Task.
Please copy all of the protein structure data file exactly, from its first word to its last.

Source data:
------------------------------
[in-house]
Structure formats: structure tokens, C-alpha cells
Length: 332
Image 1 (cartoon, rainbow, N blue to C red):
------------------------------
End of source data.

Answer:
[in-house]
Structure formats: structure tokens, C-alpha cells
Length: 332
Image 1 (cartoon, rainbow, N blue to C red):